The value of the nets in question was but $15 apiece. The cost of condemning one, (and the use of one is as illegal as the use of a dozen,) by judicial proceedings, would largely exceed the value of the net, and doubtless the State would, in many cases, be deterred from executing the law by the expense. They could only be removed from the water with difficulty, and were liable to injury in the process of removal. The object of the law is undoubtedly a beneficent one, and the State ought not to be hampered in its enforcement by the application of constitutional provisions which are intended for the protection of substantial rights of property. It is evident that the efficacy of this statute would be very seriously impaired by requiring every net illegally used to be carefully taken from the water, carried before a court or magistrate, notice of the seizure to be given by publication, and regular judicial proceedings to be instituted for its condemnation.
There is not a State in the Union which has not a constitutional provision entitling persons charged with crime to a trial by jury, and yet from time immemorial the practice has been to try persons charged with petty offences before a police magistrate, who not only passes upon the question of guilt,
Nor is a person whose property is seized under the act in question without his legal remedy. If in fact his property has been used in violation of the act, he has no just reason to complain; if not, he may replevy his nets from the officer seizing them, or, if they have been destroyed, may have his action for their value. In such cases the burden would be upon the defendant to prove a justification under the statute. As was said by the Supreme Court of New Jersey in a similar case, Am. Print Works v. Lawrence, 21 N.J. Law, 248, 259: "The party is not, in point of fact, deprived of a trial by jury. The evidence necessary to sustain the defence is changed. Even if the party were deprived of a trial by jury, the statute is not, therefore, necessarily unconstitutional." Indeed, it is scarcely possible that any actual injustice could be done in the practical administration of the act.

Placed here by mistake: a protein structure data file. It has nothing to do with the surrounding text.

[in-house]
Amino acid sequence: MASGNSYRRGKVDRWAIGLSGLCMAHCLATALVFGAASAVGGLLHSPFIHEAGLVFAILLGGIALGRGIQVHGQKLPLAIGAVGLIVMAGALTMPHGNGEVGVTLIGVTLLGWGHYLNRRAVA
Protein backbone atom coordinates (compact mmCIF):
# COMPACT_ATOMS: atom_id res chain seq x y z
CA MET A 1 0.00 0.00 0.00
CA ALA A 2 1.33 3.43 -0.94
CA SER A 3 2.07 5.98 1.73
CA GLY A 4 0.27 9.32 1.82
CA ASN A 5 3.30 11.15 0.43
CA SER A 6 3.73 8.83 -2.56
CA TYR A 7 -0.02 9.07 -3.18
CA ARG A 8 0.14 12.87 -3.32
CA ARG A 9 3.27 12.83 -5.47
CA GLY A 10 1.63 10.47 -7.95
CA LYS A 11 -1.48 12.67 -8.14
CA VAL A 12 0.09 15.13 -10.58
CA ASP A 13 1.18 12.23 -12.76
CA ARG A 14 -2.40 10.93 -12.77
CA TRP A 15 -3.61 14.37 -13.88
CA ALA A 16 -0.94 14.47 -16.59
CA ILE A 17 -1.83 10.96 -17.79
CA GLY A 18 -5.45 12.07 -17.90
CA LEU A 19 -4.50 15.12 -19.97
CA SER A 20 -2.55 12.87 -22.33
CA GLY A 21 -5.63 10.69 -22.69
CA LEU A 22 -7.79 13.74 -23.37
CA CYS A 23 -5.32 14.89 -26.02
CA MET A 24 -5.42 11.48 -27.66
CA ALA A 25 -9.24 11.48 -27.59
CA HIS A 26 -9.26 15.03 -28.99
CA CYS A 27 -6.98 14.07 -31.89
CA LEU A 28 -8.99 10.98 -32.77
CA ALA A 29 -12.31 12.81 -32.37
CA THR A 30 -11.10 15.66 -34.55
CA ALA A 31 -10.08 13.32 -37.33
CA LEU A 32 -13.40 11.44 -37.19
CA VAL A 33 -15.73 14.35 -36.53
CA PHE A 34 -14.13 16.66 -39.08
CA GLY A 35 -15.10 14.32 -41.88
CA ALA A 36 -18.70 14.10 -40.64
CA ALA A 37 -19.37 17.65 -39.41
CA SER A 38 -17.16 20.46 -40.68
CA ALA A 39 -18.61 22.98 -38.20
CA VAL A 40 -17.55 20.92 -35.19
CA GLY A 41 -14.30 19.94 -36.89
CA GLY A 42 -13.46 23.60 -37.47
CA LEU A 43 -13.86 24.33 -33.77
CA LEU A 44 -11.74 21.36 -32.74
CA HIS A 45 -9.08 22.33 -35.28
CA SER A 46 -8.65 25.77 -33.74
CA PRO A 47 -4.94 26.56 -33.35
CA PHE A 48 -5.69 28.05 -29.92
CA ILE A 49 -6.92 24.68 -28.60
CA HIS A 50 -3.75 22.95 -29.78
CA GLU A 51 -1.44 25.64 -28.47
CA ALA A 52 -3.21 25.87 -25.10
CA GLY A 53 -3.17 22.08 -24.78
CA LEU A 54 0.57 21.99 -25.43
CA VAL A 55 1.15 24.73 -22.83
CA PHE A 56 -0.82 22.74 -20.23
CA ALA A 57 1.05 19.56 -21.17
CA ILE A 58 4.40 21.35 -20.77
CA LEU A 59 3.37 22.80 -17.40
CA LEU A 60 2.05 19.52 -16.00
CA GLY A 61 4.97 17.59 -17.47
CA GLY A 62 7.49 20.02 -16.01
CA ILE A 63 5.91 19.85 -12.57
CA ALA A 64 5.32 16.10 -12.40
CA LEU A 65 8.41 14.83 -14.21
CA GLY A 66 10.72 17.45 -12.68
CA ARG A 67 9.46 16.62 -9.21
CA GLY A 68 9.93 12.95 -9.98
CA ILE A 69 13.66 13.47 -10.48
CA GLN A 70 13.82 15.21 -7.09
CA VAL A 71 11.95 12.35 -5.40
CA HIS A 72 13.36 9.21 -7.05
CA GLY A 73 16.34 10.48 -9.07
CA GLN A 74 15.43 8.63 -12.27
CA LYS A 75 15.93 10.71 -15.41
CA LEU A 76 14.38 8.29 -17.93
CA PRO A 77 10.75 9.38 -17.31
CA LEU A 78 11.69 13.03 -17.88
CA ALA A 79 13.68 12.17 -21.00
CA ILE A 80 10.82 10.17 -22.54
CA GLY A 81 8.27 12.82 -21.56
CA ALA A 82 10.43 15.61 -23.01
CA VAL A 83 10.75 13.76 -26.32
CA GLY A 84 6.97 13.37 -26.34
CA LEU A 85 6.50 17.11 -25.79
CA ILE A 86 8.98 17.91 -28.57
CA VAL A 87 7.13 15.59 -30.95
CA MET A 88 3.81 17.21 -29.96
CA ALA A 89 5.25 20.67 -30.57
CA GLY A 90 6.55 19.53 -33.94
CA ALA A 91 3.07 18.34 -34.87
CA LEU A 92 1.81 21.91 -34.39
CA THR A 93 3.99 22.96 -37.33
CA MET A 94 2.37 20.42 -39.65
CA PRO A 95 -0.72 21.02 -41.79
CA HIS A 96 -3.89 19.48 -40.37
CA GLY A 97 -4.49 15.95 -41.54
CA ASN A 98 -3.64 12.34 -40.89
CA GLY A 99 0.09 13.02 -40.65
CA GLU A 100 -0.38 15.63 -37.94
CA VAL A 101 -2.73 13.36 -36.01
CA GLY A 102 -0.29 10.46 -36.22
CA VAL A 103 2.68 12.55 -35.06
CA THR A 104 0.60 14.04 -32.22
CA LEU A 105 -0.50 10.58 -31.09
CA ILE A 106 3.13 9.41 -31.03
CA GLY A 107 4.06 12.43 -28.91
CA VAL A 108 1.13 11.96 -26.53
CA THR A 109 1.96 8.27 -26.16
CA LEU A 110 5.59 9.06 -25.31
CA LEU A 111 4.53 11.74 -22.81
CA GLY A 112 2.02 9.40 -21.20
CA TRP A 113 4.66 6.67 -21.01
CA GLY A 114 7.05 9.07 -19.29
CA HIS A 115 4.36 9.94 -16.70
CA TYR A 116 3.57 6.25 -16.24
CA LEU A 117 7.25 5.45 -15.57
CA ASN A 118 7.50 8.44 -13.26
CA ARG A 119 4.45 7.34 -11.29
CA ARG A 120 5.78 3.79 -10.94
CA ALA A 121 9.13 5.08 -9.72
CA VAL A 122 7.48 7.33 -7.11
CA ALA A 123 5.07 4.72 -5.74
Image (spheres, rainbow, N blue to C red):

It is said, however, that the nets are not in themselves a nuisance, but are perfectly lawful acts of manufacture, and are ordinarily used for a lawful purpose. This is, however, by no means a conclusive answer. Many articles, such, for instance, as cards, dice, and other articles used for gambling purposes, are perfectly harmless in themselves, but may become nuisances by being put to an illegal use, and in such cases fall within the ban of the law and may be summarily destroyed. It is true that this rule does not always follow from the illegal use of a harmless article. A house may not be torn down because it is put to an illegal use, since it may be as readily used for a lawful purpose, (Ely v. Supervisors, 36 N.Y. 297,) but where minor articles of personal property are devoted to such
In Weller v. Snover, 42 N.J. Law, 341, it was held that a fish warden for a county, appointed by the governor, had the right, under an act of the legislature, to enter upon land and destroy a fish basket constructed in violation of the statute, together with the materials of which it was composed, so that it might not again be used. It was stated in that case that "after a statute has declared an invasion of a public right to be a nuisance it may be abated by the destruction of the object used to effect it. The person who, with actual or constructive notice of the law, sets up such nuisance cannot sue the officer whose duty it has been made by the statute to execute its provisions." So in Williams v. Blackwall, 2 H. & C. 33, the right to take possession of or destroy any engine placed or used for catching salmon in contravention of law was held to extend to all persons, and was not limited to conservators or officers appointed under the act.